Girls Are Coming Out of the Woods by Tishani Doshi

girls
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By Charles Rammelkamp
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My first impression, reading Tishani Doshi’s poems, is what a charming, arch, witty, mischievous writer she is. The imagery can be so violent, so alarming, so depressing, but something about the expression makes you want to snicker.  Take the poem, “Everyone Loves a Dead Girl.” The very title makes you pause.  “Even those people who do nothing,” she writes,
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but make love in the grass all day long. Benevolent people.
Their hearts leap when they hear a story of a dead girl,
and when they tell it to someone (how could they not?)
the telling is a kind of nourishing – all the dormant bits
inside them charge around like Bolshoi dancers re-entering
the world alive, and with wonder.
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Maybe it’s just me, but I can’t help but giggle a little at the Bolshoi dancers.
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A survey of some of the titles in Girls Are Coming Out of the Woods bolsters my claim. Forget the title poem, there’s also “Ode to Patrick Swayze,” “To My First White Hairs,” “Your Body Language Is Not Indian! or Where I Am Snubbed at a Cocktail Party by a Bharatnatyam Dancer,” “Meeting Elizabeth Bishop in Madras,” and “The View from Inside My Coffin,” to cite only a handful. Doshi is so urbane, so clever, so droll.
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And so educated. The poems sing with references to artists, writers, science and culture. “Jungian Postcard,” for example, is written as if writing a tourist card to the great founder of analytic psychology; she takes on the star-struck tone of someone on vacation.
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Dear Carl, the days here are impossible:
all silence, and the sea. Yesterday we saw
the horizon unstitch itself from the sky
so delicately, and further down the beach,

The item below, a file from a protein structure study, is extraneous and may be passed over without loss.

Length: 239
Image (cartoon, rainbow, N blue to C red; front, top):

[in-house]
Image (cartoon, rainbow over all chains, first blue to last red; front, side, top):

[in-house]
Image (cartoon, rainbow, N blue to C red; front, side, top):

two stray dogs materialized like lost souls
from a genie’s lamp. I just had to cry.
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Several poems are prefaced with epigraphs from poets like Dean Young, Wole Soyinka  and Wislaw Szymborska. There are Golden Shovels, a form invented by Terrence Hayes, including one called “The Leather of Love,” which is after John Berger, the English poet and art critic.
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“Love in the Time of Autolysis” plays on one of Doshi’s favorite themes, the decay of the  body.  The poem begins so charmingly as a promise to a lover, reminiscent of the Metaphysical poet, Andrew Marvell:
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When you die, Love, I will leave you out
like a Zoroastrian, listen to the hiss
of oxygen withdraw, watch your blood
pool and glister…
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…as your body morphs from man to farm. / It will almost kill me to see the swarms / of blowflies….”  Gross … but funny!
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A native Indian, Doshi lives in Tamil Nadu, India, and her poetry is lush with the atmosphere of the subcontinent. “Summer in Madras,” “Monsoon Poem” (“Let me tell you how little / is written of mud, how it sneaks up / like a sleek-gilled vandal to catch hold / of your ankles.”), “Calcutta Canzone,” “Coastal Life” (“All night the electricity surges and stops, / smothering wires  and fuses, while lizards / plop.”): the poems are artful travelogues in themselves while plundering Doshi’s deeper themes of lust and decay.